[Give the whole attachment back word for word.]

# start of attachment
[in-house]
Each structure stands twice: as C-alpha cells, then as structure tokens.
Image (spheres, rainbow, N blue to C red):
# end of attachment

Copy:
[in-house]
Each structure stands twice: as C-alpha cells, then as structure tokens.
Image (spheres, rainbow, N blue to C red):